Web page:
(2)     More and more people in the world are recognising this reality, hence protesting.
(3)     This protest, in order to be able to create a better world, should take the form of nonviolent, peaceful resistance - a task so important that, ideally, we should devote our life to this.

At a practical level, there is a clear need in conqueror societies to spread greater consciousness that the aggressiveness of their economic and political conquests, their quest for domination is self-destructive. Once aggression, conquest, domination, plunder, deceit are accepted for amassing wealth from other regions and their people, then it is only a matter of time before such attitudes become acceptable and commonplace in the conduct of domestic and personal affairs. The great economic inequalities, social disruption and moral decay of most conqueror societies, from the ancient Romans to the present day USA, can be traced to a large extent to this factor - the self-destructive nature of conquest and domination.

If at many practical levels it can be shown that the acute social distress and economic crises within conqueror societies are closely linked to the  their aggressive outside policies, then it will be easier to mobilise many more people against the policies of conquest and domination. When more and more people -for example small farmers and workers in societies dominted by big corporations - begin to see clearly how the policies of domination that ravage the people of other countries also ravage them, then the peace movement's prospects of peacefully transforming these conqueror societies will improve significantly. The women's movement and environmental protection movement - two very important voices for justice - have close linkages with the peace movement which need to be explained more clearly.

Among the societies where the tendencies for terrorist violence and counter violence have spread, the peace movement must of course spread the message that such violence cannot achieve any worthwhile goals. However, this message will be effective only if avenues  of peaceful protest can be created.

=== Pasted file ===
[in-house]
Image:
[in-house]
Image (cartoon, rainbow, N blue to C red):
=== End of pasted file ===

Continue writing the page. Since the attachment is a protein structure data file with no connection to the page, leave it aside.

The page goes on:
The international anti-terrorism effort should be supported by the peace movement but at the same time also monitored carefully to ensure that it is not used as a pretext to serve the aims of conquest and domination.

 Within conqueror societies many people and  professions are made to serve the goals of conquest and domination without realising the extent to which they have been made participants in plunder, violence and environmental destruction. These connections should be made clearer to more and more professional groups and their assistance sought in spreading awareness of professional ethics. Before the invasion of Iraq the media was used very destructively in the USA to establish a linkage between 9/11 terrorist attacks and Iraq.

As Noam Chomsky has explained, before September 2002 only 3% of US people accepted this linkage. But a US Govt. supported media campaign created a situation in which within a few months as many as 50% of people accepted this linkage. The acceptance of this linkage contributed in a big way to the public  accepting this invasion. Hence wittingly or unwittingly media persons played a very crucial role in the Iraqi     invasion and many leading media persons have to accept a share of the blame for all the cruelty that was unleashed on the people of Iraq.

 Awareness of such professional responsibility should increase and a lot of effort has to be made to ensure that there is adequate resistance within the professions and by professional ethics organisations to prevent such criminal misuse in future.

Feb 11, 2019

Bharat Dogra